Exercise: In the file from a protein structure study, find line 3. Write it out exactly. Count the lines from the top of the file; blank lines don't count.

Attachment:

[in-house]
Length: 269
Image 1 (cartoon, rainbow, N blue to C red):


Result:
Image 1 (cartoon, rainbow, N blue to C red):